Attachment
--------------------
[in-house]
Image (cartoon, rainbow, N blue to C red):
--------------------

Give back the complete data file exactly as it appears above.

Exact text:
[in-house]
Image (cartoon, rainbow, N blue to C red):